Things may get worse before they get better in the European financial crisis, Reuters reports. The European Central Bank is pressuring for a joint guarantee on bank deposits across the euro zone, amid fears that bank runs will spread like wildfire as investors head for the hills. Top economic official of the European Commission Olli Rehn warned that without added fiscal discipline, Europe will descend into a financial chasm.
Spain, Greece and fear of bank runs
Worries about whether Spain’s banking system will fail and whether Greece will survive in the euro area at all have deflated the value of euro currency to a two-year low against the U.S. dollar. Searching for a comparatively safe investment, European speculators have funneled their money into Austrian and French bonds, whose 10-year yields are at their low mark since the introduction of the euro.
Spanish banks moved massive amounts of money abroad in March at a rate faster than has been recorded since record-keeping of such transactions began in 1990, notes the Associated Press. The country’s fourth-largest lender, Bankia, reportedly was nationalized in May due to massive losses following a real estate crash. As much as $82 billion in net capital has been lost by Spanish banks in recent months.
IMF denies plans for Spanish bank bailout
International Monetary Fund Managing Director Christine Lagarde denied reports that the IMF is preparing for a Spanish bank bailout to keep Europe’s economy from sinking further into the mire.
“There is no such plan. We have not received any request to that effect and we are not doing any work in relation to any financial support,” said Lagarde.
In the meantime, voters in Ireland are calling for their nation’s government to approve a referendum that will pave the way for additional European Union aid, notes the New York Times. The June 17 Greek general election will go a long way toward determining the nation’s future in the euro zone. Reports indicate that Greece’s New Democracy party – which favors bank bailouts – is currently in the lead over SYRIZA leftists.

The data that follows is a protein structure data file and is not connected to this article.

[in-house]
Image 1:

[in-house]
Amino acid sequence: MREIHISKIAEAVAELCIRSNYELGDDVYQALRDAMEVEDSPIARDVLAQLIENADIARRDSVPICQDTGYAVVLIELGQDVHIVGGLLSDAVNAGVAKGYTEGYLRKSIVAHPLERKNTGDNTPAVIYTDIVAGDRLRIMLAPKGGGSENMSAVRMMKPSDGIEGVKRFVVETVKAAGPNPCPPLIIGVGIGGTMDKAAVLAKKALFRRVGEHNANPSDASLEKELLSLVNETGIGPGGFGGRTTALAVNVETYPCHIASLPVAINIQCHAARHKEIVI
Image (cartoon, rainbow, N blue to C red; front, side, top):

A demand for clarity
European Central Bank President Mario Draghi has made it clear that European leaders must decide where their nations stand in relation to the euro quickly, and that the ECB will not write economic policy for the entire euro zone.
“We will avoid bank runs from solvent banks. Depositors’ money will be protected if we build this European guaranteed deposit fund. This will assure that depositors will be protected,” said Draghi.
While the ECB is pushing for a joint deposit guarantee for depositors, Germany isn’t sold. As the paymaster of the European Union, Germany has been unwilling to risk more of its own taxpayers’ money to prop up the union. German Chancellor Angela Merkel said Europe should consider all options.
“There are integration steps which will require treaty changes. We are not at that stage today but nevertheless there are no taboos,” she said at a news conference.
Stemming the tide
Draghi testified before EU lawmakers that the European financial crisis has set financiers across the euro zone on edge, but that caution is not what’s required at this time.
“I urge all governments to keep this in mind, because it is better to err by too much in the very beginning rather than by too little,” he said, citing the recent failures of Spain’s Bankia and the French-Belgian bank Dexia.